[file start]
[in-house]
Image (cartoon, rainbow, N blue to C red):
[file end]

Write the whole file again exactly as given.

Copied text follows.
[in-house]
Image (cartoon, rainbow, N blue to C red):